The only defense of this is that it's voluntary. But is it? I don't think so. Religions threaten people who try to leave the church with eternal damnation. Because the religious people believe these threats, it is no different than me threatening someone with violence to remain in a relationship. It's no different than if I was to tell my wife I'd cut her arms and legs off if she dared to leave me -- it is duress. So even the voluntary argument doesn't really hold up to those who believe. To leave a religion is to be, in their own minds, condemned to a fate worse than death.

As such, I think that something should be done about this. No joke. I think that the same standards we apply to other groups need to be applied to religions. I think they should be forbidden to threaten people, just like any other organization in a modern democracy! Additionally, I think that people need to be aware that all religious activity is political with leaders, laws, taxes and enforcement, and that religions challenge the sovereignty of the government . . . and they should be treated appropriately, and forbidden to have the character of a government in the lives of the people of that religion (though, admittedly, stopping religions from threatening their congregations might be sufficient to do that -- without duress, people would be free to leave religions).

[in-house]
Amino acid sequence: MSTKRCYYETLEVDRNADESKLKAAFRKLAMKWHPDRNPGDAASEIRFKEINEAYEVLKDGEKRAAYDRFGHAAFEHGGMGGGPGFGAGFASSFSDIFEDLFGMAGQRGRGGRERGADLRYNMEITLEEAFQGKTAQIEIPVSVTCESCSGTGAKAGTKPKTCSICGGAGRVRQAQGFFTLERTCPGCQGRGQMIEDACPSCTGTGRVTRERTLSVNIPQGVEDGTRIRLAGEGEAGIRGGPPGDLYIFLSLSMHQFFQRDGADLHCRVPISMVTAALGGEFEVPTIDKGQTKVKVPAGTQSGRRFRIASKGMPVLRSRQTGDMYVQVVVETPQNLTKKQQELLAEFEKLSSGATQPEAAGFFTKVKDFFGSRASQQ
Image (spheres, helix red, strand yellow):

But those are my thoughts for today. That religions should be held to the same standards as every other organization and be absolutely forbidden from using tactics and fear and intimidation on people.

PS: I was thinking about what this means for my interaction with religion. What is it that really bothers me about religion. Sure, I think that people who believe in spirits and gods are wrong. But I generally don't have that much of a problem with people being merely wrong about something.